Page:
MILAN – Mila Schön, the designer credited with having invented “double-layer”fabrics, died on Thursday night of old age in her country home near Alessandria,in Piedmont.
She was 91. A date for the funeral has not been set.
Schön —whose clients included Jackie Kennedy, Farah Diba, Lee Radziwill and Ira vonFurstenberg — built her fashion reputation on restrained and timeless elegancethat displayed a penchant for precision-cut tailoring and the extensive use of “double” fabrics, or two layers of the same material hand-stitched together.Developed with the high-end Agnona mill, Schön used her luxe double fabrics forA-line coats, suits and dresses.
Schön was among the first generation ofItalian fashion houses — which also included Pucci, Missoni and Krizia — toshow its collections in Florence, at Palazzo Pitti in the mid-Sixties.
“I’vealways nurtured great respect for Mila Schön, a talented woman of incredibleelegance, even on a personal level,” said Giorgio Armani. “Her style wasessential and lean, harbingered on shape and on the use of luxurious fabricssuch as the ‘double’ that allowed her an extreme care even in the more invisibleparts of a dress. She was fundamental to ready-to-wear and even more so tocouture, which was elegant yet discreet. Her fashion sense was very‘Milanese.’
“She lived close to me on Via Borguonovo and always lookedimpeccable when she saluted me affectionately when we met. It makes me thinkback to when I was young and longed to be part of those circles where shepresented her fashion.”
“I’m very upset,” said Rosita Missoni. “Tai [Missoni]and Schön had in common that they were both Dalmatian and enjoyed talking abouttheir origins. We recently saw her at a dinner and couldn’t help commenting onher innate and simple elegance that reflected the clothes she made.”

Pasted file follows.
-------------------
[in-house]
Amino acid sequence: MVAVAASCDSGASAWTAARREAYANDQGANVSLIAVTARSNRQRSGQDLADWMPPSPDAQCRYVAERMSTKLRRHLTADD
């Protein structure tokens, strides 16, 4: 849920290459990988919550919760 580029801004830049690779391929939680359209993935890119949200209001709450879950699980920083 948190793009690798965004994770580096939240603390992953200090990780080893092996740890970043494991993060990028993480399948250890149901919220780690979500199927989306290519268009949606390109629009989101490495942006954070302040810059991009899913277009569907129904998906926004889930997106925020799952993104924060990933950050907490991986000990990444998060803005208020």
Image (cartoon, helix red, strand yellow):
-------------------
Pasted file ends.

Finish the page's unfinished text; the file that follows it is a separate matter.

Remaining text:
Color,chevron textures, intarsia and wave motifs are hallmarks of her work, which wasalways heavily influenced by contemporary art and artists like Gustav Klimt,Gio’ Fontana, Mondrian and Jackson Pollock.
To that end, Schön was elatedwhen in 1989, a dress from her 1968 couture collection was showcased at theMetropolitan Museum of Art in New York as part of the “Cubism and Fashion”exhibition.
A 50th anniversary retrospective of the designer’s work will kickoff on Sept. 19 at Milan’s Palazzo Reale.
Maria Carmen Nutrizio nee Schön,was born in Trau, Dalmatia, to wealthy Italian aristocrats, who relocated toItaly when she was a child. Her admiration for Cristóbal Balenciaga’sconfections, which she regularly donned, pushed her to enter the fashion world.
After World War II, she wed Aurelio Schön and, in 1958, set up a smallhaute couture atelier in Milan, from where she built a brand that includesfragrances, men’s wear, accessories, fur, eyewear and even tiles. She alsocreated airline uniforms for Alitalia in 1969 and for Iran Air in 1972.
In1965, she showed her first collection in Florence, garnering critical acclaimfrom top U.S. department stores. A year later, she cut the ribbon to her firstboutique on Milan’s Via Montenapoleone.
Schön also pioneered the way forItalian designers in Japan in the early Seventies and her links with that marketdeepened in 1992 when she sold the company to Itochu Group.
“They [Itochu]are giving me a lot of space to continue to express myself despite thisdifficult moment. They are by my side with tremendous support,” said Schön atthe time.
In 1999, Mariella Burani Fashion Group acquired the brand fromJapanese groups Itochu and Coronet. Schön then stepped out of the limelight, butcontinued to offer artistic advice to the design team in her role of honorarychairman.
She is survived by her son, Giorgio Schön, and his children.
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